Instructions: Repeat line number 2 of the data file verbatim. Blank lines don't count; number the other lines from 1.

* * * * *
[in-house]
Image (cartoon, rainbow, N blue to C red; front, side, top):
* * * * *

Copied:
Image (cartoon, rainbow, N blue to C red; front, side, top):